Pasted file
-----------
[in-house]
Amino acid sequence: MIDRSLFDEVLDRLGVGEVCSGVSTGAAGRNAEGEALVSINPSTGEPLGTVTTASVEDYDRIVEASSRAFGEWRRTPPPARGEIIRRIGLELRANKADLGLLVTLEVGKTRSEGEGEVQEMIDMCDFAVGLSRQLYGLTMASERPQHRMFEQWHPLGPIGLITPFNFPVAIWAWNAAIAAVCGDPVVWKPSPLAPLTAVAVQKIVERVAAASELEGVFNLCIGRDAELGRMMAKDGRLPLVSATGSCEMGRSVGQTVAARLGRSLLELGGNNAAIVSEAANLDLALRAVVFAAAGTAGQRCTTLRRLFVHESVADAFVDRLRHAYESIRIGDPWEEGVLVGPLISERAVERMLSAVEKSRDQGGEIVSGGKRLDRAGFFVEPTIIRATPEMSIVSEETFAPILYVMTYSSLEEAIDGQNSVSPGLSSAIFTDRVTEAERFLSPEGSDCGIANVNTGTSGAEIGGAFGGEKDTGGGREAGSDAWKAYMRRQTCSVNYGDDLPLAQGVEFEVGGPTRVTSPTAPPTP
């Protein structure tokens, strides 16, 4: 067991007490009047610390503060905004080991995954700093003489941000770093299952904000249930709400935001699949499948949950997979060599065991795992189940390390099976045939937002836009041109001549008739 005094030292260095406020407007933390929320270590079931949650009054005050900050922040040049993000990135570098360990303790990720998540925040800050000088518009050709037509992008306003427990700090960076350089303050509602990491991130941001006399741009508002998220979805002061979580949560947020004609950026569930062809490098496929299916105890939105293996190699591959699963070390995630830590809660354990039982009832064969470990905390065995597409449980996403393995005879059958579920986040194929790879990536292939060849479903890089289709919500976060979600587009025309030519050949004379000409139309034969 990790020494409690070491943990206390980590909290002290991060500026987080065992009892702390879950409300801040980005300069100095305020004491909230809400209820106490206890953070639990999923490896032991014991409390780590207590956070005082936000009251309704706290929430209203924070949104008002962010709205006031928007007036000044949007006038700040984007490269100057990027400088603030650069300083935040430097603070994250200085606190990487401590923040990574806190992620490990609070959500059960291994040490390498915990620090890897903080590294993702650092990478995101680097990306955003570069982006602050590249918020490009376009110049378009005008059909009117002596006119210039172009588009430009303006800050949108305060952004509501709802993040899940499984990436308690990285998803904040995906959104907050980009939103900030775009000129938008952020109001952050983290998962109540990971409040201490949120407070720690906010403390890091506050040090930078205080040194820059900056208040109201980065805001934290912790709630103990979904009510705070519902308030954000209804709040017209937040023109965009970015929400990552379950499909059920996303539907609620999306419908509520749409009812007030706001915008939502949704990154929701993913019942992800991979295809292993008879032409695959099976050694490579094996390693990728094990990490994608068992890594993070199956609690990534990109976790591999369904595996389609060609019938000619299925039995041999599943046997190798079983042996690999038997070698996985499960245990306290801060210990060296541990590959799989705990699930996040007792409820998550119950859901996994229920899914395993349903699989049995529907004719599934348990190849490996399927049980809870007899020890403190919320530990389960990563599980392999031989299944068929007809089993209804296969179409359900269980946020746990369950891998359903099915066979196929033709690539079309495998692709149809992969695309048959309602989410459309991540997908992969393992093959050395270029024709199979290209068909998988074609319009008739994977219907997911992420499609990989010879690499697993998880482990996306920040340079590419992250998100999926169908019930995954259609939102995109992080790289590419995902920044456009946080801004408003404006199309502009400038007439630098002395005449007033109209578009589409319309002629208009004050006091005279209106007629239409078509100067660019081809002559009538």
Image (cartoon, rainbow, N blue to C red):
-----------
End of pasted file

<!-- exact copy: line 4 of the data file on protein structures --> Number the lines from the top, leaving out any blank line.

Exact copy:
Image (cartoon, rainbow, N blue to C red):